Guatemala, a country located in Central America, is known for its dedication to financial transparency, especially in regards to credit access.
Credit access in Guatemala is a make-or-break factor in determining the success of a business, regardless of its size. Credit allows businesses and their owners to make purchases that typically lie outside of their disposable income. This often includes startup costs and capital improvements; however, it can also be used for everyday expenses such as payroll.
Larger companies tend to have an easier time attracting creditors, whereas smaller businesses often have trouble, an alarming problem for a country where 60 percent of the economy is made up of small businesses.
Banks are the most common provider of credit access in Guatemala. Microlending is the main reason people turn to banks for credit access, as it allows citizens who do not have any credit history to build credit in a timely fashion. As of now, there are 24 microfinance institutions in Guatemala.
The top five microfinance institutions in Guatemala are:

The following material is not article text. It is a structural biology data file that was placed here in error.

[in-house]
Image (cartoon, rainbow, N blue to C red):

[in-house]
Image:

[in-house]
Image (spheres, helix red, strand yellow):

- Genesis Empresarial
- Compartamos – GTM
- FINCA – GTM
However, since 2014 there has been an increase in the default rates on microloans. Rocael Garcia, manager of the microfinance firm Finca, credits this problem to people in rural areas having less ability to pay and people in the middle class having less willingness to pay.
Other, less conventional ways of acquiring credit include financial freedom, venture capital and equity investors. While some people try to acquire credit access on their own, it proves to be difficult, as the government controls 50 percent of the financial services offered in Guatemala.
Of the three unconventional methods above, venture capital is the strongest, most secure option. There is a 39 percent chance that Guatemalan entrepreneurs will successfully find venture capital. Since 2014, the amount of people looking into venture capital has steadily increased.
Equity investors are considered to be the least effective sources of credit access in Guatemala, as it is incredibly difficult to raise money by issuing shares on the stock market. To make the process even more difficult, a public offering is only allowed if it is previously registered according to the Law of Value Markets.
Credit access in Guatemala continues to be available as the country focuses on economic opportunity and financial transparency. While the distribution of income remains relatively unequal, credit access – or rather, the opportunities given to business owners who have access to credit – steadily works to even out the scale.
– Chylene Babb